To create a pleasing image in full shade, we need to create some directionality to our light.  For this shot, I had Natalie pose in my garage, in full shade, just on the edge of the direct sunlight (a couple steps toward the camera and she would have been in direct sun).


Photographer: Robert McCadden

The only light for this photo came in from the direction of the garage door, directly behind the camera (in front of Natalie).  The walls of the garage subtracted light from the sides and back of the image.  A lighting diagram for this scenario can be seen below.   The softbox in this diagram represents the reflection from the surrounding environment in direct sunlight, and the black reflectors represent the walls of the garage.

For this next picture of Natalie, she was once again in full shade, underneath a covered walkway with the sun behind her. A white wall off to her side, just left of the frame, provided a directional key light for this image.  As the covered walkway extended quite a bit behind the camera, and Natalie was once again at the edge of full shade (direct sunlight behind her), there is a subtle back-lit quality to the image.  A large California Sunbounce white reflector was also placed camera right to provide just a bit of fill.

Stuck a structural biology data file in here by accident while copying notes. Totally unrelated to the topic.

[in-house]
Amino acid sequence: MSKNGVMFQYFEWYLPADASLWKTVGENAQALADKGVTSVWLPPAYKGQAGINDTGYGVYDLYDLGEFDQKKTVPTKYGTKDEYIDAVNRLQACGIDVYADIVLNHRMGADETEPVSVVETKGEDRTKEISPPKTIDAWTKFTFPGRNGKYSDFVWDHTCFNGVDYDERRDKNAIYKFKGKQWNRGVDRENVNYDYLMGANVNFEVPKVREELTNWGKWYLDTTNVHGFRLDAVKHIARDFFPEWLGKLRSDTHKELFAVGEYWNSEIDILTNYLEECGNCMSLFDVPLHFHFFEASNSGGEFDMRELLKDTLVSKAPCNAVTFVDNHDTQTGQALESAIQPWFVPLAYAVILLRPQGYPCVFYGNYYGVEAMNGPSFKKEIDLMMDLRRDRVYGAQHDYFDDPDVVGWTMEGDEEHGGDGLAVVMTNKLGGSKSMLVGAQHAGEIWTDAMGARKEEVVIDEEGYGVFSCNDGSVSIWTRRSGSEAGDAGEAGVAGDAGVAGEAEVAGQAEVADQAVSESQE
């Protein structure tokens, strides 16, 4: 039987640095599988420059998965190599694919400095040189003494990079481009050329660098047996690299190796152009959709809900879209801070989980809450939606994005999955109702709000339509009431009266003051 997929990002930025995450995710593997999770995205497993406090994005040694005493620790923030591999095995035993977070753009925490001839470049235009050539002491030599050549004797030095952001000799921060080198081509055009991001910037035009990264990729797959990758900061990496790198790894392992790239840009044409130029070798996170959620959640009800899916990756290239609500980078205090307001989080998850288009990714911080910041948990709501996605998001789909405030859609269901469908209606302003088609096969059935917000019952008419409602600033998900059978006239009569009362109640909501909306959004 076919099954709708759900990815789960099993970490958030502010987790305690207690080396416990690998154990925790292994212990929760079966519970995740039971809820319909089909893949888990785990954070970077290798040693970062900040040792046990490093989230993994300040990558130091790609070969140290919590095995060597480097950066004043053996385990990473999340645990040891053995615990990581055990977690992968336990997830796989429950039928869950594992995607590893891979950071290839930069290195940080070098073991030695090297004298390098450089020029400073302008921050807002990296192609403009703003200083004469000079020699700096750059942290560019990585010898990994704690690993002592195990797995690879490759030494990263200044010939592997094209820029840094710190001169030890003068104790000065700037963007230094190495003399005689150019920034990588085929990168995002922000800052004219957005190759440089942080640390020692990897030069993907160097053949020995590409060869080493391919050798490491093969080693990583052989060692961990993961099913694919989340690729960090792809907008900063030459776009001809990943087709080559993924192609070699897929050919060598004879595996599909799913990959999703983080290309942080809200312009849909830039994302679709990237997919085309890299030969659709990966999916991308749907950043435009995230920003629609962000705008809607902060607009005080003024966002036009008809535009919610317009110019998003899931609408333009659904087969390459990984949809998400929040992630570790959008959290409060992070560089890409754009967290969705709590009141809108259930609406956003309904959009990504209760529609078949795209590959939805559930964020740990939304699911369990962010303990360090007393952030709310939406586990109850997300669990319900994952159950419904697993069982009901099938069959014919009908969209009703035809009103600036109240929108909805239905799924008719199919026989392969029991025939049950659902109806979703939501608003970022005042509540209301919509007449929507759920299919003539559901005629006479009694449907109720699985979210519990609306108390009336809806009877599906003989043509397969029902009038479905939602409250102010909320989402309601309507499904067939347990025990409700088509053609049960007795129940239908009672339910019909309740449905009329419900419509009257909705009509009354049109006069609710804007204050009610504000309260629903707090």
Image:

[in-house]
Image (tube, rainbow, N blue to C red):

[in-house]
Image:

Photographer: Robert McCadden

Notice the directionality and relative intensity of the light provided by the white wall (facing out toward the water) that is just out of frame camera left; it looks a lot like the quality of light you might get from a large softbox.

An important aspect of shooting in full shade, as I mentioned, is having the model stand in the full shade toward the edge of the shade and direct sun.  Going back to the garage shot, I’m sure it isn’t hard to image that the light falls off fairly quickly as you move away from the garage door and then, ten to fifteen feet into the garage, the illumination becomes more or less constant for the last ten feet toward the back of the garage.  The reason for this can be explained by the “inverse square law,” which states that the intensity of light decreases at the inverse square as the light to subject distance increases.  Move your light twice as far away from the subject and you get 1/4 the intensity of light.

If you need more explanation google “inverse square law.”  It’s a basic law of light that every photographer should understand.